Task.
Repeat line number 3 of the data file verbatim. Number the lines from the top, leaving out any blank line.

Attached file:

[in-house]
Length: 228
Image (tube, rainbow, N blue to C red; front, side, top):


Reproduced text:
Image (tube, rainbow, N blue to C red; front, side, top):